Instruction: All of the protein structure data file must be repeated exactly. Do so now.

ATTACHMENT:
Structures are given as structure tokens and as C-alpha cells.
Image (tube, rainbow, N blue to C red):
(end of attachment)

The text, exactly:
Structures are given as structure tokens and as C-alpha cells.
Image (tube, rainbow, N blue to C red):